“We need to stop thinking, ‘Is this student good enough for my science class?’ and start asking, ‘Is my science class good enough to engage all students?’” This was the question posed by Jamie Yoos, a chemistry teacher and OpenSciEd facilitator from Bellingham, Washington, that guided this year’s OpenSciEd High School Summer Institute.
This summer, over 100 educators from across 30 Washington state school districts gathered at ESD 112 in Vancouver, Washington to learn how to teach the new high school biology, chemistry, and physics units that are part of the project-based curriculum called OpenSciEd. Participants approached the material from both the role of the student and the educator, providing them with a hands-on professional learning experience.
One participant expressed appreciation for “how the storyline of the unit emerges based on student experiences, discussions, and questions during each lesson so that students can see and feel that they are ‘driving’ and moving the learning forward.”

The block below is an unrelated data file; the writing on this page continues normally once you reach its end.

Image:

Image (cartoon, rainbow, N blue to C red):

OpenSciEd is a free, customizable, research-based science curriculum focused on exploratory, hands-on learning that encourages students to engage more fully in various topics and connect scientific concepts to real-life scenarios and experiences. Designed to increase accessibility to all students and educators, OpenSciEd materials are field-tested to ensure equity, efficacy, and usability, and they are designed and aligned to Next Generation Science Standards, which set the expectations for what students in grades K-12 should know and be able to do.
When asked what they plan on taking back with them to their classrooms, one teacher loved that “student thinking is recorded and shared with each other. All students can contribute and feel like their knowledge matters.”